SYNOPSIS: Sheng Ruxi, a white collar woman in her 30s, leads a successful career while having no love life, which is the issue that her parents and friends are extremely anxious about. However, things change when she meets her new colleague Ma Sai, a 25 year-old young man whois considerate and attractive. Sheng Ruxi can’t help but waver from her original perspective because fo the unexpected sparks of romance between them, reconsidering about every aspect of her life.  


Real life mirrors reel life especially in the case of Taiwanese actress Shu Qi. The beautiful and acclaimed starlet who will be 40 this year remains single and unattached even after years of rumors circulating of her being in love with fellow actor and director Stephen Fung.

In The Last Women Standing, the actress who recently won praises for her performance in The Assassin plays Sheng Ruxi, a single woman who experienced more success in her career than her love life. She is what people termed as “leftovers”. Her mum (so convincingly portrayed by Chinese actress Pan Hong) is so worried about her only daughter’s happiness that she arranges a blind date in the form of a nice but bland doctor for Ruxi. But fate is a funny thing. The new (and five years younger) company recruit, Ma Sai (Eddie Peng) seems to caught the eye of Ruxi. Will the good-looking couple end up happily ever after?

Luo Luo who directs and adapts the material from her own best-selling novel seems to have issues telling a decent compelling love story. First, she wants to establish the fact that singles can actually stay single and live happily on their own but the end results seem otherwise. Then she tries to set up a fairy tale scenario of how a woman met and fall in love with a young and handsome man but from the way the story flows, it’s rather hard to convince the audience why Ruxi for no reason decides to hook up with Ma Sai just because they spent the night together after the plane fails to take off during their planned company trip.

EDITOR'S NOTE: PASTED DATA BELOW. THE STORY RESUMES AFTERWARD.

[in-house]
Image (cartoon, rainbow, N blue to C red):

Last but not least, Luo Luo even includes a subplot of Ruxi’s mother developing Alzheimer which sadly turned nowhere by the time the credits rolled with a melodramatic score in tow. Of course, Shu Qi and Eddie Peng are definitely not the cause of it in fact they are the sole reasons why The Last Women Standing actually stays afloat. They are easy on the eyes and their chemistry is pleasing. Veterans Jin Shijie and Pan Hong who played the parents of Ruxi ought to be applaud for their flawless performances while Lynn Xiong whom most will recognize from the Ip Man trilogy also pops up once a while as a close buddy of Ruxi. Acclaimed cinematographer Mark Lee Ping Bin shot this so it’s almost guaranteed Shanghai is going to look gorgeous on screen.      

Sadly, The Last Women Standing is a wasted opportunity to bring across meaningful messages about social stigma and the ever-revolving views on marriage and romance. It’s neither a sweet rom-com nor an interesting social drama to begin with. Strictly for fans of Shu Qi and Eddie only.




Decent ambient sound effects, clear dialogue and passable video transfer. Honestly not a title that requires a 5.1 set up. 



Review by Linus Tee



Genre: Romance/Drama
Starring: Shu Qi, Eddie Peng, Lynn Xiong, Jin Shijie, Hao Lei, Pan Hong, Xing Jiadong
Luo Luo
Rating: PG
Year Made: 2015
Official Website: 


-  NIL


Languages: Mandarin
Subtitles: English/Chinese

Aspect Ratio: 1.78:1
Sound: Dolby Digital 
Running Time: 1 hr 38 mins
Region Code: 3